Editor's Choice Europe Gametech

Gametech: Will a Universe Like Ready Player One’s Ever Exist In Our World?

This February, The Fintech Times is taking a deep dive into the world of gametech. Grab your headsets and controllers and plug in to hear about the latest tech and celebrities influencing the market to the development of eSports and much more.

The idea of living in a sci-fi world is not a novel one: with films like Star Wars, released in 1977, depicting a long time ago in a galaxy far, far away, in which humans live amongst aliens, are able to travel between planets and do things beyond our wildest dreams; Back to the Future II, showing a very tech-savvy future (though sadly the real 2015 left a lot to be desired when compared to the film); just to name a couple.

The idea of a futuristic world was portrayed in a new way in 2018, with the release of Ready Player One, a film showing people escape from the real world into a virtual one. Though there are many aspects of the film which seem a bit extreme, the idea of entering a virtual reality – a metaverse – seems to be one that experts believe is not out of the realm of possibility. The Fintech Times spoke to experts in gametech to hear their thoughts:

Tobias Batton, CEO and Founder of Ex Populus
Tobias Batton, CEO and Founder of Ex Populus

Tobias Batton, CEO and Founder of Ex Populus, said, “Avatar representation in the metaverse is definite, and already happening. There have been additional developments in VR that allow players to physically feel what is happening to them in a game, so the immersive nature of Ready Player One is possible. The more dystopian aspects of the film are a different story.”

Eyal Melnick, Creative director at Oto Motors, agreed saying, “Absolutely its a possibility in fact it is less sci-fi and increasingly a viable and plausible reality today. A little-known fact is that Virtual reality (VR) technology was invented in 1957 by Morton Heilig. His multimedia device called the “Sensorama” is considered one of the earliest VR systems. However, the term ‘virtual reality’ was coined much later in 1987 by researcher Jaron Lanier.

“Similarly the first AR (augmented reality) technology was developed in 1968 at Harvard, by computer scientist Ivan Sutherland created an AR head-mounted display system. So we are looking at legacy technology that is only now entering the era of full potential as the hardware and software are in an important phase of singularity.”

Steven Walters, CEO of Gallant Token
Steven Walters, CEO of Gallant Token

Steven Walters, CEO of Gallant Token, “Yes, it most emphatically is a possibility, in my opinion. With all the options and technological advancements that have occurred recently, there is a significant increase in the desire to personalise and connect in this digital world. According to current market research, some of the leading industries are now migrating into this space, purchasing, and developing “digital real estate” in preparation for what is to come. We’re a few years away from a mainstream Ready Player One environment, but it’s already happening. You can physically put on a VR headset and enter a universe where you can interact with others, customise your avatar, go shopping, play games, and do a variety of other things.”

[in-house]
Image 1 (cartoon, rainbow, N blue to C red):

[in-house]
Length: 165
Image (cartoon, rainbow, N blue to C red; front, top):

Accessibility

The film suggests the technology is accessible to everyone, with everyone having an “omnidirectional treadmill”, sensor responsive gloves, and of course, a VR headset. While the base technology is there, and initial steps have been done to create a way to enter a digital universe and have your body’s actions respond in-game, there are a few pain points. The first of these is price. In order to experience something as wild as Ready Player One, the vast majority of gamers would need to have access to a system like the KatWalk C. However, this is not cheap – priced at around $1400, it would be very difficult to see large adoption rates initially if prices remain the same.

Saying this, some may argue this price is worth it. Reviewing the KAT VR, a YouTuber, ThrillSeeker said, “In normal VR you cannot walk and look around at the same time as traditional VR translates hand and head movements as wanting to move in a certain direction. The KatWalk uses your waist to record movement allowing the user to move their head and hands independently, creating a much more immersive experience.” In this sense, the technology seen in Ready Player One is just around the corner as the kinks are ironed out, allowing for a smooth representation in-game. The next step appears to be integrating a universe in which digital assets are transferable, and overlapping this with VR tech.

Looking to the future, the resounding response from experts was optimistic towards seeing a Ready Player One-esc universe. However, the timeframe to seeing one was still a way off as Virtuleap‘s CEO and co-founder, Amir Bozorgzadeh said, “Incrementally, yes, but we are at least a decade away from that type of high-resolution experience.”

Emily Safian-Demers, Editor, Wunderman Thompson Intelligence
Emily Safian-Demers, Editor, Wunderman Thompson Intelligence

Emily Safian-Demers, Editor, Wunderman Thompson Intelligence further pointed out an integral difference between the development of VR in the real world and what is seen in the film saying, “Ready Player One has become a popular reference point to illustrate the metaverse, but there’s a key difference: the metaverse as we’re predicting it will not be a virtual universe separate from the physical world, but an overlay onto it. The metaverse will be a digital extension of daily life, rather than an escape from it.”

Author

  • Francis is a journalist with a BA in Classical Civilization, he has a specialist interest in North and South America.

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